2006 Philadelphia Annual Meeting (22–25 October 2006)
Paper No. 137-5
Presentation Time: 9:00 AM-9:15 AM


ARTHUR, Michael A. and BARNES, Hu L., Department of Geosciences, Pennsylvania State Univ, University Park, PA 16802, arthur@geosc.psu.edu

In detail, neither bolide impacts nor major episodes of flood basalt effusion (LIPs—large igneous provinces) can be tied to most biotic mass extinctions, although the Cretaceous/Tertiary Boundary (KTB) event is a well-known exception. In some cases this may be the result of insufficient data for event ages or, for example, impact craters, if on the seafloor, remain unrecognized or have been subducted. Likewise, there are many significant impact craters and LIPs that, in terms of timing, do not appear to correspond to a biotic mass extinction event. Examples are the late Triassic Manicouagan impact group (214 Ma), the Eocene Chesapeake Bay and Popigai craters (35.7 Ma) and the huge LIP associated with construction of the Ontong-Java Plateau (118 Ma). A number of researchers have hypothesized that the severity of mass extinctions, and the extent of implied global change accompanying them, is in direct relation to impact or LIP size (crater size or volume of basalt extruded). This is not the critical factor, however, inasmuch as some of the largest known events had only minor influence on biotic extinction.

Our analysis of the extant record indicates that, although size of impact or LIP is a factor in potential mass extinction, the main factor that determines the scale of effects of such an event is the type of terrain hit by the bolide or through which the LIP is extruded. We argue that volatile (sulfur dioxide, carbon dioxide, methane) fluxes associated with impact or LIP events are the major consideration in extent of global change and related extinctions. Large impacts or LIPs on basaltic oceanic crust and/or in shield terrains are likely accompanied by relatively low volatile fluxes, whereas similarly sized impacts on thick carbonate-evaporite terrains (e.g., the KTB event) and/or LIPs intruded and extruded through thick black shale, coal or sulfate evaporite sequences (e.g., the Permian/Triassic Siberian Traps) would have much greater potential to wreak global environmental change and cause mass extinction.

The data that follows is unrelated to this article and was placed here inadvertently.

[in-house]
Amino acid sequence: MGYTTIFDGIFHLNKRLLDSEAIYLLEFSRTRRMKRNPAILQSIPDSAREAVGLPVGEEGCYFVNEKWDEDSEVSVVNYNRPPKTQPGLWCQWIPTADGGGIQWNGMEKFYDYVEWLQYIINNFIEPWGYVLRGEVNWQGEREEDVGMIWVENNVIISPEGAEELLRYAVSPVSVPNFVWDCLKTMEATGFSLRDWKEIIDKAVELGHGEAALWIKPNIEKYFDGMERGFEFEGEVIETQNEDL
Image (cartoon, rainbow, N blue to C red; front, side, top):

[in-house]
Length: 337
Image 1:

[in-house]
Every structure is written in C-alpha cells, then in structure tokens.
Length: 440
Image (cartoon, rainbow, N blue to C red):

2006 Philadelphia Annual Meeting (22–25 October 2006)
General Information for this Meeting
Session No. 137
Mass Extinctions: New Approaches Analyzing Process Links Between Land and Sea
Pennsylvania Convention Center: 105 AB
8:00 AM-12:00 PM, Tuesday, 24 October 2006

Geological Society of America Abstracts with Programs, Vol. 38, No. 7, p. 338

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